One Direction singer, Liam Payne, has revealed he felt excluded from the close bond his partner Cheryl Cole had with their baby boy. He’s not the only dad to feel this way.
Eyes in one direction
It’s actually really common for dads of newborns to feel left out of the baby bubble.
Mums are super lucky in that they’re able to start forming a bond with their baby early on, indeed while they’re still in the womb. And then if they’re breastfeeding, that bond can continue to be fairly exclusive as their little one relies on them for nourishment, all the while getting all that amazing skin-to-skin contact.
As told to Hashtag Legend, it was this exact reason which had Liam Payne desperate to find his place in fatherhood. After realising he couldn’t come close to the bond that Cheryl had with their baby he wanted to develop his own strong connection with his son, Bear (now one-year-old).
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Three’s a crowd
What Liam experienced as a new dad is far from uncommon. Many men struggle to find their place with a new baby in those early days, sometimes feeling useless or even second-best.
Studies show that up to ten percent of new fathers suffer from depression in the first six months, and it may be partly due to issues with parental bonding and their redefined relationship with their baby’s mother.
Sadly, some women even exhibit ‘maternal gatekeeping’ – where they deliberately delegate their partner to the secondary care-giver role and don’t empower them to be involved. Perhaps those mums are having their own struggles with new parent life?
Read more about daddy bonding:
- Dad admits he envied his wife’s bond with their baby
- Twinning daddy-daughter duo prove distance can’t break their bond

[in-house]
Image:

- 7 ways for dads to bond with their new babies
Bridging the bond
New dads don’t have to feel outcast though. There are plenty of ways that they can develop their own special bond with their little one.
Liam’s approach was to get hands-on in the help department, in particular by cooking up a storm for his baby mama, so he could contribute something more than just changing nappies.
Here are some other ways that dads can build a baby bond:
- Help with feeding – Make room for dads to bottle feed expressed milk or formula, if a baby is not exclusively breastfed. Another option is for them to sit next to their partner while they breastfeed to feel part of the process and be on burping duties.
- Baby massage – The power of touch is incredible, especially for babies. Giving their bub a little massage is a perfect way for dads to get their own skin-to-skin experience.
- Bath time – Another skin touch opportunity, men can take on the responsibility of bath time and let’s face it, their arms are usually a bit bigger and stronger to navigate that one-handed bathing technique in the early days!
- Talking and singing – If a baby gets used to hearing their father’s voice, whether it’s chatting, telling stories or singing lullabies, it will help them to respond better when dad’s around. And you don’t even have to wait until they’re born, studies have proven that babies can recognise their father’s voice from when inside the womb!
- Baby carrier – Baby carriers are ideal for fathers and mothers. Safe and snuggled into their chest, newborns can become familiar with their daddy’s scent – and mums get a much-needed break. It’s a win-win!
Create that connection
So whether your partner feels most comfortable whipping up a lasagne, changing nappies, or giving your bub a bath; there are lots of ways for them to create their own baby connection. It’s just about finding what works for you both. Talk through your roles together and look for ways to support each other through this big transition.
And don’t forget that as a baby grows and becomes less dependent on their mum, dad’s parenting role will naturally shift, too.
If you feel your partner is struggling to form a bond with your baby or might be suffering from depression, be sure to speak to your doctor or visit PANDA.org.au.